4 Things to Consider When Rustproofing Underneath Your Car

A 1970 Pontiac GTO Ram Air III was donated by local supporter Harvey Smith during the organization's signature week-long camp in July of 2014. The car was auctioned off online with the help of George Badanai.
A 1970 Pontiac GTO Ram Air III was donated by local supporter Harvey Smith during the organization's signature week-long camp in July of 2014. The car was auctioned off online with the help of George Badanai.
Vintage rusty car
vintage car – two abandoned vintage cars in rural wyoming Image – Image: depositphotos.com

The undercarriage of your car is vulnerable to rusting than any other part. This is because it’s usually exposed to agents of rusting that include acid rain, ice, and salt. Rusting actually happens when metal is exposed to moisture and dust. A rusty undercarriage causes your car to wear out much faster. In fact, such a car can’t fetch good money because it can only be bought at a throwaway price. Rustproofing is the best solution for preventing rusting from taking place. This is due to the fact that it creates a barrier between the undercarriage and the corrosive agents. However, there are certain issues that you must first consider before rust proofing underneath your car as explained below.

  1. Intensity of Rust

Although rustproofing can help in restoring the underneath of your car, there are some instances when it might not make sense. This is because rustproofing options only work when corrosion has not spread deeply to an extent of causing the sheets to start cracking. Again, if the car is too old, you will have to consider replacing the parts that have already been worn out by rust. As a matter of fact, rust proofing an old car is just a waste of time and money. But if the rust has not eaten into the sheets that much, the undercarriage can be salvaged by spraying it with a specially formulated solution. It’s therefore important to first examine the underneath of the car before taking it to your local service station. Remember, they can’t advise you against rustproofing because all they want it to make money by giving you a service that may not be necessary.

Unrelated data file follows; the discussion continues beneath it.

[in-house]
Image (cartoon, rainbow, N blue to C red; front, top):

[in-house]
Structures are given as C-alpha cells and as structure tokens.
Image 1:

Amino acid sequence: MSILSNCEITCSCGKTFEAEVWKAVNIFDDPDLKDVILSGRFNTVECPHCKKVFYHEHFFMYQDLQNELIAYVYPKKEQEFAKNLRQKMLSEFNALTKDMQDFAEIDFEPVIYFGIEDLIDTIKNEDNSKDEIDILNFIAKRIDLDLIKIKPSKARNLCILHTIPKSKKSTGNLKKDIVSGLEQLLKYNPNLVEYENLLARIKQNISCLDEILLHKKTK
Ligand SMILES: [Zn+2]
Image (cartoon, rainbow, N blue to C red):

1. Where the Car is Used

Cars that are used on rough and muddy roads are more vulnerable to rusting than those that are driven on roads that have tarmac. If you are working on a project that requires you to drive your car on rough roads, you will have to rustproof it more often. This is because mud and dust are very unforgiving. When they stick on any surface, they create a favorable condition for the process of oxidation to take place. In fact, it’s advisable you first wash the undercarriage of your car with pressurized water as it helps in ensuring that you don’t rustproof on top of either dust or mud. If you rustproof on a dirty undercarriage, the paint will start peeling off after just a few days.

  1. The condition of the Car

Rustproofing is not recommended for brand new cars. This is because most manufacturers rustproof the materials that they use to make their cars at the factory by dipping them into a special solution. If you have just bought a new car, you should use it for at least six months and rust proof it. Lest you forget, rustproofing comes at a cost. Unless you are willing to buy the paint and spray it yourself, you should wait until you have used the car for several months.

  1. Climate

Since corrosion of the undercarriage is usually caused by salt and acid rain, you should consider the climate before rustproofing. You should actually avoid spraying underneath the car during wet weather because the paint may not dry fast as intended, In fact, the rainwater can also wash away the paint and leave the undercarriage bare.


Image: depositphotos.com


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